NEW South Wales sheep dairy farmer Cressida Cains sees opportunities for small farmers to replace speciality cheese imports with homegrown branded products as the COVID-19 pandemic impacts global supply chains and domestic consumer preferences.
Ms Cains was presented with the 2020 AgriFutures Rural Women’s Award yesterday and will use her $10,000 Westpac bursary to develop a unique online platform to help fellow farmers market branded products.
She operates Pecora Dairy with her husband Michael and two sons at Robertson in the state’s Southern Highlands. They milk 150 East Friesian ewes on their 80 hectare farm for 10 months of the year, giving the ewes a break for breeding.
“We share milk with the lambs, so they stay with their mums during the day and we take them off at night … it’s just a process where there are happy mums and happy bubs.”
Ms Cains said she will set up an online platform and support hub called Dairy Cocoon over the next six months to assist farmers to develop and produce unique branded products.
The number of Australian dairy farmers has slumped from about 22,000 in the 1980s, to fewer than 6000 today.
Ms Cains sees a “huge opportunity” for small farmers to market branded products, with increasing imports of speciality cheeses, mostly sold through supermarkets, while consumers are re-examining their buying habits.
“Particularly with this COVID-19 situation – people are really starting to think about their buying behaviour and really wanting to support Australian-owned, Australian farms and Australian-produced,” Ms Cains said.
“So it might be an ideal time for some dairy farmers to consider whether this might be appropriate for their enterprise.
“I really do strongly feel that COVID-19 is an opportunity for dairy farmers and obviously Australian farmers at large.”
Pecora Dairy reinvents itself for COVID-19
Before the COVID-19 pandemic, Pecora Dairy marketed most of its produce to restaurants in Sydney and Melbourne. But with the loss of that business due to coronavirus restrictions, the business has had to “reinvent things” to develop online sales and home deliveries.
“We are doing what we need to survive and we will survive, but these are certainly challenging times,” Ms Cains said.
Dairy Cocoon will include a range of business tools, information and education, as well as an online community to facilitate connections and support for all dairy farmers — sheep, cattle or goat. The site will enable farmers to create industry and product specific business plans, with advice on profit and loss and sales and marketing. Farmers will be connected to industry experts and mentors to receive tailored training and education, including online courses and webinars.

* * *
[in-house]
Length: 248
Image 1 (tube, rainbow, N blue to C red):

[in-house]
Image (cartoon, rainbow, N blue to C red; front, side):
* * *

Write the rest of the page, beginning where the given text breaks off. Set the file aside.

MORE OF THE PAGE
“When we started our business 11 years ago, there was really no curated source of information, specific to the dairy industry, and to small dairy farms setting up branded products.
“So with Dairy Cocoon, and its different elements — that being formulating a business plan, getting the education they need and getting support from the community and mentors – that will be very curated and very specific,” Ms Cains said.
“So depending on whether people want to brand their own milk, move into gelato, yoghurt, cheese-making, each of those products will be addressed with specific criteria which will make it a smoother process for dairy farmers who are willing and interested to move into those areas.”
She said statistics show that small family-owned dairy farmers are “in strife” because of the current system of selling milk was dominated by a few processors and big retailers, “who are really squeezing the dairy farmer.”
“So producing branded products is a way of breaking the shackles and taking back control of the business … and having a strong and profitable future for their family farm.”
Award is a chance to give back
“Blood, sweat and tears” have been some of the keys to Pecora Dairy’s success, she said.
“We’ve just never said no, we’ve just kept on working and we’ve come up against so many people saying ‘no you can’t milk cheese in Robertson, no, you can’t do this, no, you can’t produce raw milk cheese.’
“And we’ve just kept on going, and we’ve made mistakes and we’ve learned from it,” she said.
“I guess we’re now in a position where we are pretty stable and we’ve got a bit of a profile and we would like to share that information because there are so many small dairy farmers going out of business.”
Husband Michael said he was “terribly proud” of Cressida’s success in the awards.
“Last year we won the national trophy at the Delicious Produce Awards for Best Dairy Product in Sydney for it raw milk feta cheese.
“I think Cress and I feel that when you’ve got a certain profile and you’ve kicked a few goals it comes with a bit of responsibility tohelp others and give back into the industry.
“I just think if she can do some good by winning the award and creating the Dairy Cocoon project then I think it will leave a very positive impression on the regional landscape.”
Narrandera beef farmer is runner-up
Small-scale beef farmer Tammy Galvin was the runner-up and other finalist in the 2020 NSW award. Her project, Riverina Women’s Connect Network, aimed to bring together women, businesses and services through face-to-face networking events, a website and business directory, and online forums. In establishing the new network, Tammy hoped to facilitate leadership opportunities, social connectivity and stimulate the regional economy.
The network will bring together services and organisation such as Country Women’s Association of NSW, Soroptimists, Rotary, local business chambers, local, state and national women’s groups and government services such as the Rural Adversity Mental Health program.
Tammy said members of Riverina Women’s Connect will be encouraged to take up leadership opportunities to co-host gatherings and events on a quarterly basis, either in their town or on farms to give women greater confidence.